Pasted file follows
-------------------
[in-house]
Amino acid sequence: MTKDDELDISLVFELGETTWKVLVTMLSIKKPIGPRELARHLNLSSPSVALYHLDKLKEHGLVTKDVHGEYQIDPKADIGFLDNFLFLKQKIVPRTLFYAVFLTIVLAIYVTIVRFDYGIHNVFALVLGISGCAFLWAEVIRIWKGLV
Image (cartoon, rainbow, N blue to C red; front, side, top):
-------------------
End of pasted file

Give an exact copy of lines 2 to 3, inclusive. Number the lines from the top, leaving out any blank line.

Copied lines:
Amino acid sequence: MTKDDELDISLVFELGETTWKVLVTMLSIKKPIGPRELARHLNLSSPSVALYHLDKLKEHGLVTKDVHGEYQIDPKADIGFLDNFLFLKQKIVPRTLFYAVFLTIVLAIYVTIVRFDYGIHNVFALVLGISGCAFLWAEVIRIWKGLV
Image (cartoon, rainbow, N blue to C red; front, side, top):